We took advantage of one of the sunny December days to steal quietly into the Ilford Cemetery, and look, leisurely around upon the place where the majority of the City people will take their final rest. The slanting, and amber-tinted rays of the sun fell softly on the broad spaces of green turf, and the wrens, and thrushes, and robins, warbled among the branches, with no sound, save that of our own footsteps, to mar their melodies or disturb them in performance their requiems. Contrasted with the clean City pavements, that always seem to be warmed by the rapid and unceasing tread of hurrying feet, these green slopes and broad gravel walks, -untenanted by either the living or the dead, for, save ourselves and the birds, we saw not a single human being there, —contrasted most strangely, and we could not help reverting, in idea, to the future, when hundreds of stone memorials will dot the ground, and in place of the broad, unruffled carpet of turf, the ground will be heaved up into pillows, suggestive of the many who have sunk to rest there, while labour will find its daily task in the melancholy work of gravedigging.

The man from the City of London Press would still be able to find his way around the cemetery, the general plan of the place hasn’t changed much in 163 years. Two crematoriums have been added, one in 1901 and a new, modern, more efficient, and, it has to be said, ugly cremation facility was added in the 1970’s. His estimate of ‘hundreds’ of stone memorials turns out to be a slight understatement and there are now more than 150,000 graves, most of them being some sort of stone marker. Almost all graves contain more than one body and it is estimated that they have around 600,000 occupants. As the cemetery was used extensively in the late 19th by the City parishes for the mass reburials of human remains from emptied crypts, cleared churchyards and demolished churches some authorities estimate that in total almost a million people have been buried here. And that total grows daily, particularly at the moment; it is a relatively busy cemetery at the best of times and it is not unusual to see funerals taking place. I spent a couple of hours there and was surprised to see separate funerals using both the Anglican and non-denominational chapels and both old and new crematoriums. I counted six funerals while I was inside and there was another cortege pulling up at the main gates as I was leaving. Only Covid could account for so many burials and cremations. I have no idea whether I was there on a particularly busy afternoon or whether the cemetery is like this every day as it goes about the business of quietly disposing of the victims of the pandemic in East London.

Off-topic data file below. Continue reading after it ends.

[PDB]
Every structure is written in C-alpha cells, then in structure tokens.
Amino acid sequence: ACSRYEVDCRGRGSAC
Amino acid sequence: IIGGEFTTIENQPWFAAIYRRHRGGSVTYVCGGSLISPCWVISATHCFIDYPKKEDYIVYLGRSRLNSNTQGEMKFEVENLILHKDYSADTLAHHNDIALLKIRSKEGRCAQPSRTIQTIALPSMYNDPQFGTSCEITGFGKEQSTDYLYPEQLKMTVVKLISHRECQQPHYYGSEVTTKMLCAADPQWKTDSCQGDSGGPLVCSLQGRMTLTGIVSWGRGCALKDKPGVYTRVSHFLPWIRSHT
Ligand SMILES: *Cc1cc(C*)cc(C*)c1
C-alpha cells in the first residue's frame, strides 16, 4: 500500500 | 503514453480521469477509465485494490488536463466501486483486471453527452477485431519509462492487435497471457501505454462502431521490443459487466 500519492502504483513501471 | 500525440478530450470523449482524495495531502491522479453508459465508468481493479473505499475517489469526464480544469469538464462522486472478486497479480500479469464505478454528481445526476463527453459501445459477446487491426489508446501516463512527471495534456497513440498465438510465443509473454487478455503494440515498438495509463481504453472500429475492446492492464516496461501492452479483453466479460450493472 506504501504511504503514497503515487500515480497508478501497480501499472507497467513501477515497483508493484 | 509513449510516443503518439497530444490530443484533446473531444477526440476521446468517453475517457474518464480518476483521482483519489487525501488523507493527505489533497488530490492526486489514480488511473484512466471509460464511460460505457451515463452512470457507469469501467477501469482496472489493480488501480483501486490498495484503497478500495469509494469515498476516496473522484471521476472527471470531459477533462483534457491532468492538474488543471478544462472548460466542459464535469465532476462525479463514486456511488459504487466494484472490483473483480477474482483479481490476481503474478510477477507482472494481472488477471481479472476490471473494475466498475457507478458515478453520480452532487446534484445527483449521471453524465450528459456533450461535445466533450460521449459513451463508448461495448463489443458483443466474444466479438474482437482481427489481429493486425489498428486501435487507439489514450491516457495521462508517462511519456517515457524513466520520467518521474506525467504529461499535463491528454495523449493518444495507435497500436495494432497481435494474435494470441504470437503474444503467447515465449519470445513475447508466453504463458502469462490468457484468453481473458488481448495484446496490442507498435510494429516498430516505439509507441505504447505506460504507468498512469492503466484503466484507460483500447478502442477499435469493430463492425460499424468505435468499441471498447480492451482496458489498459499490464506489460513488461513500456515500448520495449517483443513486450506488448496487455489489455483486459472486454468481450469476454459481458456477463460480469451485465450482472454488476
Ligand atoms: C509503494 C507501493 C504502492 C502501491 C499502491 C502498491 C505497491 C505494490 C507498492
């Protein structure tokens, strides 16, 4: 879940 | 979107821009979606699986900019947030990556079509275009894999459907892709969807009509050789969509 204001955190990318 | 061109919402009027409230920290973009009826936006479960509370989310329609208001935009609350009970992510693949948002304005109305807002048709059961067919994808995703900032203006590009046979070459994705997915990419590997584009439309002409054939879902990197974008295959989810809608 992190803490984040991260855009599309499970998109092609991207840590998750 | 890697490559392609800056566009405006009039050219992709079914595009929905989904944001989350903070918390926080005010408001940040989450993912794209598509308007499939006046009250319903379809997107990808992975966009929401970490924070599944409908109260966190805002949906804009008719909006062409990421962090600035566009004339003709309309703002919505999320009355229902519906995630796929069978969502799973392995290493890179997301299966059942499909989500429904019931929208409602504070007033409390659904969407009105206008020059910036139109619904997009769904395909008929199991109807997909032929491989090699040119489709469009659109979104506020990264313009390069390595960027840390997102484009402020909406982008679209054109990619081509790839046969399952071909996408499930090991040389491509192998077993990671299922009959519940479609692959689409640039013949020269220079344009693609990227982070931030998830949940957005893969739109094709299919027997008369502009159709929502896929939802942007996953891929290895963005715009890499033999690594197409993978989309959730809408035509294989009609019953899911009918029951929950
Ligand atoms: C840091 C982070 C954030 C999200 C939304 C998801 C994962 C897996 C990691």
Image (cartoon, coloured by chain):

Away from the bustle of the city and the daily preoccupation with the getting and spending of money our anonymous correspondent from the London City Press found the in deserted cemetery found himself brooding on mortality. In the empty catacombs he encountered only one occupant, the ironically named Mrs Hasluck whose luck had apparently deserted her that year;   

Walking down to the catacombs, we were startled out of our loneliness by the loud and mysterious reverberation of footsteps, which increased as we progressed, and which we presently discovered to be the result of the semi-circular form of the structure and its embankments, producing one of the most distinct and impressive echoes I ever remember to have heard, and fitting the mind for the strange lesson of life's fleetness which those numerous unoccupied compartments suggests. Who amongst the busy throng, now pushing aside the swinging doors of banking houses, now debating in Corporation or Vestry, now driving hard bargains in the market, and now squaring up the accounts of the past year, will be entombed within those narrow cells before 1858 shall close? There is but one name there yet—it is that of Mrs. Hasluck: it will not be so long. Death knows no rest; Time knows no pause; and the halest and the hopefullest among us, may, at this moment, have at least one foot placed on the threshold of eternity! God, in His mercy, hides the future from us, and every successive minute of our lives is veiled in impenetrable obscurity!

Memento mori are no longer in fashion but, if you see a hearse go by…


  1. Sorry to hear you managed to pick up the virus, we have been lucky up to now and at least getting our vaccinations, at least I have and my wife Friday. Like you I have been getting fed up at home and today on my way back from the JR in Oxford took a detour to Horspath Church for a few photos even if it was not quite a necessary journey. I was walking around the church taking the odd photo and I got out for a few moments of escape.
    Take Care

    1. Thanks Bill. I have my vaccination two weeks tomorrow! Once we've been done are we allowed to go out and about again as we choose? I hope so.

    2. You know I don't know about that myself, I had mine three weeks ago now and my wife had hers today. Think it is easing off next week